A regional cap-and-trade program launched in the northeastern U.S. three years ago has saved customers nearly $1.1 billion on electricity bills, helped create 16,000 jobs, and has retained more than $765 million in local economies by reducing the demand for fossil fuels, according to a new analysis.
While the future of the so-called Regional Greenhouse Gas Initiative (RGGI) remains in jeopardy — with New Jersey planning to drop out and other states also considering leaving — the study by the Boston-based Analysis Group finds that the project has had real benefits for the ten participating states.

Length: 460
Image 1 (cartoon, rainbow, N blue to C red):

The program requires major power plants to buy allowances at auction for each ton of carbon dioxide they emit. From mid-2008 to September, plant owners have spent about $912 million to buy those allowances, generating funds that were used to improve energy efficiency, train workers, and undertake local renewable energy projects.
“We tracked the dollars spent, and RGGI generates greater economic growth in every one of the 10 states that participate in RGGI than would occur without a carbon price,” said Susan Tierney, one of the authors of the study, which will be published in The Electricity Journal. RGGI’s participants include the six New England states, New York, New Jersey, Delaware, and Maryland.
Article appearing courtesy Yale Environment 360.